August 11, 2023
There’s much debate amidst the hardcore walleye angling crowd about the best places to fish for 30-plus-inchers—fish that eclipse the standard “10-pounder” trophy designation on most waters.
We’re talking about monster marble eyes … Walleyes that are pounds above the 10-pound mark, behemoths that fall between 15 and 20 pounds—and beyond—do exist on certain waters throughout North America.
Waters that hold (or have held) Nessie-sized walleyes include the Columbia River in Oregon and Washington; Greers Ferry Lake, Arkansas; Old Hickory Lake, Tennessee; Bull Shoals Lake, Arkansas and Missouri; North Little Red River, Arkansas; Muskegon Lake, Michigan; Fort Peck, Montana; Last Mountain Lake, Saskatchewan; and Lake Winnipeg, Manitoba.
And those are just waters that have had 15-pounders to a historically debated 25-4 pulled, photographed, weighed, and “certified” in some manner over the years.
A Hidden Giant Walleye Gem—New York
Absent from the list above are waters to the east, which don’t get talked about as much as the Columbia River in the Pacific Northwest, or the mid-south lakes that produced giant walleyes decades ago—the latter hasn’t recently produced the caliber of walleyes turned topside years and years ago.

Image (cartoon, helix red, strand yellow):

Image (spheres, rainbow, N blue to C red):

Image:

But if you’re looking for really big walleyes, you might want to strongly consider venturing out to the Empire State and fish either Lake Ontario, the St. Lawrence River, or the Lower Niagara River.
Consider the recent New York state record walleye catch, a massive 18-pound, 2-ounce beast caught on May 6, 2020, by angler Brian Hartman on the St. Lawrence River.
Experienced walleye angler, Brian Hartman, resides in Alexandria Bay, New York, located right on the east bank of the St. Lawrence River, just north of Keewaydin State Park.
To open the New York Walleye Season properly, Hartman and fishing buddy Mike Savoia stayed at a cabin right on the St. Lawrence in Morristown so they could hit the water at 4:30 a.m.
How were they fishing early-season St. Lawrence river walleyes?
According to reports, both diehard, early-morning walleye anglers were jigging and dragging 4-inch, now-defunct Trigger-X soft plastic swimbaits in pearl white—and caught a few smaller fish right after they hit the water in the dark, followed by “the fish” at about 6 a.m.
After a strong fight and solid netting job, the two fishing buddies apparently talked about releasing the giant female, but Hartman knew the fish was in a league all of its own.
So, the two drove the boat into shore and had the 32-inch, sag-bellied, egg-laden female weighed several times on a certified scale at the Thousand Island Bait Store.
Weight? An astonishing 18 pounds, 2 ounces. After paperwork and photography, Hartman’s fish was certified as the New York state record status (walleye), besting a fish caught in 2009 by a pound-and-a-half—which was actually pulled through the ice via a tip-up, not open water.
New York’s Big Walleyes